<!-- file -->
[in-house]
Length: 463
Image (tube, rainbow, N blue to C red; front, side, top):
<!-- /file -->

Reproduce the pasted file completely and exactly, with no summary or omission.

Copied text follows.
[in-house]
Length: 463
Image (tube, rainbow, N blue to C red; front, side, top):